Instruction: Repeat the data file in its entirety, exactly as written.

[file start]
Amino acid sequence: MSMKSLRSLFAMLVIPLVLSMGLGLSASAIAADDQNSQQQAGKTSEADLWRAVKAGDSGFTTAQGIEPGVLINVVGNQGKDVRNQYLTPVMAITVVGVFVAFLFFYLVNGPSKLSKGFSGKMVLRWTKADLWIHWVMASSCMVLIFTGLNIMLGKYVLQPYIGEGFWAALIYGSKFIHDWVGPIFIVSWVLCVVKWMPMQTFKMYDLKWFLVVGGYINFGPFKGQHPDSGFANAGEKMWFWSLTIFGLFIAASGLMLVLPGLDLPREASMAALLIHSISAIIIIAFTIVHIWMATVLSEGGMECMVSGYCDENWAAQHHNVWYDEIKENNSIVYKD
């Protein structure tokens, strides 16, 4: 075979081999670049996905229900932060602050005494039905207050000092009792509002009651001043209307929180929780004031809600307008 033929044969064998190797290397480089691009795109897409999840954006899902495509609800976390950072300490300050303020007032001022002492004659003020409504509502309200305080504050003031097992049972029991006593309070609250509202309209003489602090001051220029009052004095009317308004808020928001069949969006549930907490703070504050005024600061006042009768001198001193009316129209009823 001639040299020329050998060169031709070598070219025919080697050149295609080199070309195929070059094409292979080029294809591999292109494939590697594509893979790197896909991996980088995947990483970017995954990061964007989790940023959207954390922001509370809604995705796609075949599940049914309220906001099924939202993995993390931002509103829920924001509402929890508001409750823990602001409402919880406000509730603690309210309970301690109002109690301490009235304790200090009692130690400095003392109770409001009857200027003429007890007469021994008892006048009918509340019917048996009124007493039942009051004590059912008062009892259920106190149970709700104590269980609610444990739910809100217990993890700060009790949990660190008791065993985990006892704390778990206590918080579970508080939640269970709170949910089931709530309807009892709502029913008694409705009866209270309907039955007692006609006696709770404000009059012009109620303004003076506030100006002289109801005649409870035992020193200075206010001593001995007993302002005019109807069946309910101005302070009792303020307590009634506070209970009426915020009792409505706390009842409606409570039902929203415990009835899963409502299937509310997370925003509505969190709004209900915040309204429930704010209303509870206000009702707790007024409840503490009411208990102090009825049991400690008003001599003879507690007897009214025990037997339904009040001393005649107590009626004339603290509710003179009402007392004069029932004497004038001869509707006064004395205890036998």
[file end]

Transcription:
Amino acid sequence: MSMKSLRSLFAMLVIPLVLSMGLGLSASAIAADDQNSQQQAGKTSEADLWRAVKAGDSGFTTAQGIEPGVLINVVGNQGKDVRNQYLTPVMAITVVGVFVAFLFFYLVNGPSKLSKGFSGKMVLRWTKADLWIHWVMASSCMVLIFTGLNIMLGKYVLQPYIGEGFWAALIYGSKFIHDWVGPIFIVSWVLCVVKWMPMQTFKMYDLKWFLVVGGYINFGPFKGQHPDSGFANAGEKMWFWSLTIFGLFIAASGLMLVLPGLDLPREASMAALLIHSISAIIIIAFTIVHIWMATVLSEGGMECMVSGYCDENWAAQHHNVWYDEIKENNSIVYKD
């Protein structure tokens, strides 16, 4: 075979081999670049996905229900932060602050005494039905207050000092009792509002009651001043209307929180929780004031809600307008 033929044969064998190797290397480089691009795109897409999840954006899902495509609800976390950072300490300050303020007032001022002492004659003020409504509502309200305080504050003031097992049972029991006593309070609250509202309209003489602090001051220029009052004095009317308004808020928001069949969006549930907490703070504050005024600061006042009768001198001193009316129209009823 001639040299020329050998060169031709070598070219025919080697050149295609080199070309195929070059094409292979080029294809591999292109494939590697594509893979790197896909991996980088995947990483970017995954990061964007989790940023959207954390922001509370809604995705796609075949599940049914309220906001099924939202993995993390931002509103829920924001509402929890508001409750823990602001409402919880406000509730603690309210309970301690109002109690301490009235304790200090009692130690400095003392109770409001009857200027003429007890007469021994008892006048009918509340019917048996009124007493039942009051004590059912008062009892259920106190149970709700104590269980609610444990739910809100217990993890700060009790949990660190008791065993985990006892704390778990206590918080579970508080939640269970709170949910089931709530309807009892709502029913008694409705009866209270309907039955007692006609006696709770404000009059012009109620303004003076506030100006002289109801005649409870035992020193200075206010001593001995007993302002005019109807069946309910101005302070009792303020307590009634506070209970009426915020009792409505706390009842409606409570039902929203415990009835899963409502299937509310997370925003509505969190709004209900915040309204429930704010209303509870206000009702707790007024409840503490009411208990102090009825049991400690008003001599003879507690007897009214025990037997339904009040001393005649107590009626004339603290509710003179009402007392004069029932004497004038001869509707006064004395205890036998």